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An Interview with Mark Schwab, Director of Exteriors

by Mike Haberfelner

April 2024

Films directed by Mark Schwab on (re)Search my Trash

 

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Your new movie Exteriors - in a few words, what is it about?

 

Exteriors tells three different stories about three separate gay men who find themselves confronted with an incredible coincidence related to a prior life-changing experience.

 

Exteriors sees three characters from your earlier film Brotherly Lies reappear - so how closely are the two films actually linked, and did you always intend to expand the story of these three? And is there a cance these three (or any other characters from both movies) will pop up in other films of yours?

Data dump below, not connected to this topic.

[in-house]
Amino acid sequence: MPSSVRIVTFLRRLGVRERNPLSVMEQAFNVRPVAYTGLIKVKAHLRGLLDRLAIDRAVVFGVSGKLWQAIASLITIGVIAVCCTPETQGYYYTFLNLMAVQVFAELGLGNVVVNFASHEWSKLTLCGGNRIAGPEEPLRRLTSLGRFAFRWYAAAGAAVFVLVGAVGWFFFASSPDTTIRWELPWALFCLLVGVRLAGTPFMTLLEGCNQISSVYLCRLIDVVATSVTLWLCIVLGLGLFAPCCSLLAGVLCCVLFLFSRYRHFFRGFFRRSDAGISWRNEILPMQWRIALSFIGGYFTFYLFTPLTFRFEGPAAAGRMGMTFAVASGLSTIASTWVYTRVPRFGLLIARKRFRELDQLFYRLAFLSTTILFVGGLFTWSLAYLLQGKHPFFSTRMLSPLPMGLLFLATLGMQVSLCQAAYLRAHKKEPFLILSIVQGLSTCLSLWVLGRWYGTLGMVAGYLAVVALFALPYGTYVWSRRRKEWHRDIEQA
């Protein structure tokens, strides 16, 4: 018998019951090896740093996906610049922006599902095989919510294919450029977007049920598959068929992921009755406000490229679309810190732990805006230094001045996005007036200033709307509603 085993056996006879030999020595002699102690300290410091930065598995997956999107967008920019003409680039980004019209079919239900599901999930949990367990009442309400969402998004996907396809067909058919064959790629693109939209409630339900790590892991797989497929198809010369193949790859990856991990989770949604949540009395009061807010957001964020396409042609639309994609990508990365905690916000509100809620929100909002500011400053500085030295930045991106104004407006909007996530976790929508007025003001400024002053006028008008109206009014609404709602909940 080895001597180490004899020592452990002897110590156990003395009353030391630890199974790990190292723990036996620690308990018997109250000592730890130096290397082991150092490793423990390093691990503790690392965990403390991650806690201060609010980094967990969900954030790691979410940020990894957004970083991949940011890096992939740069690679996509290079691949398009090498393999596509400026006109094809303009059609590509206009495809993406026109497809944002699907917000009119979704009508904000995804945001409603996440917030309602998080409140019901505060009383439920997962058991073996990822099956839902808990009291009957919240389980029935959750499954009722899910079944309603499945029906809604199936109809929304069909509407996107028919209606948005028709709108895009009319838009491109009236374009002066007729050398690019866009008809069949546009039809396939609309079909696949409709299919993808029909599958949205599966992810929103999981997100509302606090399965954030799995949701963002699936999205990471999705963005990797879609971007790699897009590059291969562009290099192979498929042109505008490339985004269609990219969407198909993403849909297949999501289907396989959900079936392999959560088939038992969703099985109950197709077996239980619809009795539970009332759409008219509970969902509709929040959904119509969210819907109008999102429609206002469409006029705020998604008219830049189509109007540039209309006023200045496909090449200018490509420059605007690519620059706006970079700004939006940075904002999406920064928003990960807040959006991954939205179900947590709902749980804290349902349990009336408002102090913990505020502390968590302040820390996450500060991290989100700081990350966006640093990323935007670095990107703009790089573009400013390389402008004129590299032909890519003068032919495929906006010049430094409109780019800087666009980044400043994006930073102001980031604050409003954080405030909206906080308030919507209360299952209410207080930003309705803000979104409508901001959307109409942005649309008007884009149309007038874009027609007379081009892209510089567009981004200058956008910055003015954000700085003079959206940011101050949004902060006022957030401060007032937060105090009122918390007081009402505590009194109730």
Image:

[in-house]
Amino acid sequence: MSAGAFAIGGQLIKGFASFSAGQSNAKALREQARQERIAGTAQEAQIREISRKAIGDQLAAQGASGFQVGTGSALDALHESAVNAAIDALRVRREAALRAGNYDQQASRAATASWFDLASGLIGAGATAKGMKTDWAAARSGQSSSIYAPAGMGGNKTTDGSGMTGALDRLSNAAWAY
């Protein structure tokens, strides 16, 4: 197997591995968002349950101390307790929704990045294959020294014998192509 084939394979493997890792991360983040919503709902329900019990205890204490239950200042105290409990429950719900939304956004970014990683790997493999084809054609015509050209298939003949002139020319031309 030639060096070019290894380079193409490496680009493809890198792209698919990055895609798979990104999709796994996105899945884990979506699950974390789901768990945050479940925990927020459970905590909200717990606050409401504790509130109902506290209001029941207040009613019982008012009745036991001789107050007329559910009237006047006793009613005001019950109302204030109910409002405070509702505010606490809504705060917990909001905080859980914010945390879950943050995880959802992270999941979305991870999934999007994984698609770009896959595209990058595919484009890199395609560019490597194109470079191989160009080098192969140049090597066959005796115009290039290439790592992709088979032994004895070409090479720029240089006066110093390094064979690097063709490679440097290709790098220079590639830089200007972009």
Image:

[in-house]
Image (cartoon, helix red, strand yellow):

Iíve always thought of Exteriors as being a ďsort-ofĒ sequel to Brotherly Lies. It does feature three previous characters from that film (and performed by the same actors) but they are supporting characters this time, playing a key part in each of the main characterís coincidences. I didnít originally intend to expand on the characters after completing Brotherly Lies, but when I was trying to think of a new project, my husband suggested it might be fun to do what Bret Easton Ellis does in his books - which is to have characters from his previous novels cross over and make an appearance in the current one. That definitely sparked the idea of bringing three of the Brotherly Lies characters into Exteriors. I enjoyed that creative process and I think the actors did as well so I might experiment with it again if the actors were open to it.